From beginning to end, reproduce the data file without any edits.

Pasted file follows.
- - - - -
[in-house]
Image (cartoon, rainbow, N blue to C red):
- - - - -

[in-house]
Image (cartoon, rainbow, N blue to C red):